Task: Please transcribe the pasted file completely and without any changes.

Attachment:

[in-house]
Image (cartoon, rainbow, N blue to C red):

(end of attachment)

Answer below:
[in-house]
Image (cartoon, rainbow, N blue to C red):